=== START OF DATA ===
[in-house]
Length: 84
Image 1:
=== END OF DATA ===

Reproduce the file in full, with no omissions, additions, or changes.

[in-house]
Length: 84
Image 1: